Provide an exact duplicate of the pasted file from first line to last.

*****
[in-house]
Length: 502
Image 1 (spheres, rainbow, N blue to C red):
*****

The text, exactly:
[in-house]
Length: 502
Image 1 (spheres, rainbow, N blue to C red):